You’ve never seen a sports team like this one and you probably won’t again.
Across the Kenyan savannah, Maasai Warriors in traditional clothing – plaid red fabrics and colourful accessories made of feathers and beads – are playing a sport known for its stiffness and uniform whites: cricket.
The object of The Maasai Cricket Warriors isn’t to win any big tournament, or even to go professional. The object of the heroic male side is to raise awareness of eradicating female genital mutilation, which has affected girls as young as six in the community.
The Warriors are the subject of the deeply moving new documentary film Warriors by British director Barney Douglas. It follows the Maasai players from their home village of Il Polei to London for their first cricket championship.
Warriors captain Sonyanga Ole Ngais knew all too well the pain and suffering of FGM, as he witnessed three of his sisters undergo the practice.
Once girls in the village are circumcised, they’re considered ready for marriage and their education ends abruptly.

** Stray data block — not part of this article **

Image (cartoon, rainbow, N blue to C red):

Knowledge of FGM was one of many challenges facing Douglas and his team.
“To be fair when I started I was ignorant of it,” Douglas admits. “I didn’t know anything about it. I thought I was going to follow this new, exciting cricket team made of Maasai Warriors and then I realised there was a lot more to the story.“
The director adds: “It was an introduction to the issue, but it’s their story. I didn’t go into it with an agenda or know anything about it, it was very much about the team.”
According to FORWARD UK, 60,000 girls in the UK under the age of 15 are at risk of FGM, while 137,000 British girls and women are living with its consequences. In total, over 130 million girls and women worldwide have undergone the practice.
The onus is therefore on the men in tribes like the Maasai to help achieve equality for the women who have suffered FGM. Douglas believes it’s the confidence you get out of sport that accelerates moves towards that equality. But the biggest challenge for the tribe is to convince the elders that what they are trying to achieve is the right thing to do.
“I do think their world Is changing,” Douglas ponders. “I think that makes you vulnerable as well.
“You don’t want to go against change, but it’s making it harder for the tribes. You can see the Elders are struggling with change, and the young people are trying to find their place in the village.
“I believe sport has brought good things to the village, it brings strength to the area and cohesiveness. In that respect, I think sport has been really important to the area.”
The poignant documentary finishes with a conversation between the village elders and the players, perched on a flat rock and looking into the Kenyan savannah, as members of the old generation and the new engage in a civil debate about the tradition of FGM.
Hopefully a sign of changing times for the better.